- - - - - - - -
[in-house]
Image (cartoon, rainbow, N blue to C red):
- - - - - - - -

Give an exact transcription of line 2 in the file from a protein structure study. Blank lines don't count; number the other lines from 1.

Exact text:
Image (cartoon, rainbow, N blue to C red):